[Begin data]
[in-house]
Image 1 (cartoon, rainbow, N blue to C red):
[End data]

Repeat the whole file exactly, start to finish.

[in-house]
Image 1 (cartoon, rainbow, N blue to C red):